However, most people in Singapore are underinsured, by about US$60,000 (S$81,800) each.
In view of this, Citibank has developed an online Protection Calculator to work out how much your own "protection gap" is.
Analyse all your insurance policies to ascertain if they are adequate to see to your family's healthcare expenses.
With rising medical costs, it is imperative to look for comprehensive medical coverage that takes care of pre- and postmedical treatments, deductibles and "as charged" surcharges.
This will help to trim hefty healthcare costs, especially for conditions that require post-medical treatments.
Know what your critical illness plan covers, as not all such plans provide coverage for critical illnesses in the early stages.
A popular feature recently introduced in the market allows coverage to be restored after 12 months from the last claim, so the insured can enjoy continuous coverage.
Familiarise yourself with your company's healthcare benefits. Some companies extend insurance coverage to your spouse or children, and even offer discounted medical checkup rates.
Tuition fees at Singapore universities have risen since 2010. While most local undergraduate fees have grown by about 1 to 1.5 per cent per annum, fees for a handful, such as music, law and medicine, grew by 5 to 8 per cent per annum.
According to the survey, most respondents (62 per cent) would save to provide for their children's tertiary education in the future.
One-third has also invested in endowment insurance or education plan for their children.
Set up a regular savings plan, or invest in an endowment or a portfolio of safe assets when your children are young.
Most education savings plans allow the insured to withdraw cash payouts when the child enters tertiary school.
This will be handy to pay off school fees. Such plans also provide peace of mind to the child by waiving payments, in the event of death or total permanent disability of the premium payer.
Be mindful of when your children are going to university, and adjust the risk profile of the investment portfolio accordingly.
A portfolio for a child starting university in eight years would most likely start with a more aggressive profile, as time is on your side. But if the child has just three years to go, consider holding a larger portion of more conservative assets.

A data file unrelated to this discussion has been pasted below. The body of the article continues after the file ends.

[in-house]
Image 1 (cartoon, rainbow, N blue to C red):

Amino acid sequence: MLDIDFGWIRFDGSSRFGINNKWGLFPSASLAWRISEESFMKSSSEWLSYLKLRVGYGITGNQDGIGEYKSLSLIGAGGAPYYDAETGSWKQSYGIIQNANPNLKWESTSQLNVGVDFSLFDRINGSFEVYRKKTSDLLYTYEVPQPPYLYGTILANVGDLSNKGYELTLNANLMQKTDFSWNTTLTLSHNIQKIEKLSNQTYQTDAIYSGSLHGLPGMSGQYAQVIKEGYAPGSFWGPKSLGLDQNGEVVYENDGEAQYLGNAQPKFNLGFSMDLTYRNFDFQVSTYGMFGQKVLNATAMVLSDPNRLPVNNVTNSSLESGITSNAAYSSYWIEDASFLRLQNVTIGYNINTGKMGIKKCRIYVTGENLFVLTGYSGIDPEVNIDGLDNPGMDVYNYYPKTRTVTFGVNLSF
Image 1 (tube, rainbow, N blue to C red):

Scholarships can be a great help with tuition and living costs. Besides the typical government scholarships, some companies offer scholarships with no strings attached, except an internship stint with them.
Most universities also offer grants to international students falling under a certain demographic.
Citibank has developed the Total Wealth Advisor, a proprietary digital advisory tool to help its customers keep track of their progress in reaching their financial goals.
It allows customers to map different goals with customised risk profiles to various investment portfolios, such as moderate profile for educational goals, and conservative profile for retirement planning.
When combined with the bank's Gold Standard Portfolio Review, customers can be assured of staying ahead of the curve in their financial planning efforts with regular and in-depth portfolio reviews.
SET FINANCIAL GOALS FOR MANAGING MONEY — Families should first identify their attitudes towards money, then decide what is the "right" amount to save and spend.
INSURANCE PLANS — Make sure your family has sufficient protection if anything untoward should happen to you.
INVEST WISELY — Consider investing across a range of equities, bonds and alternatives, while staying within a comfortable level of risk.
The opinions expressed in this 3-part advertorial should be regarded solely as general information, and does not constitute investment advice or a guarantee of returns. Neither the information nor any opinions expressed herein constitute or are intended to constitute an offer or invitation to any person (nor are they calculated to induce any offer or invitation from any person) to acquire, subscribe for or purchase any investment product. The views expressed herein do not necessarily reflect the views of Citibank Singapore Limited, Citibank N.A. nor any of its affiliates.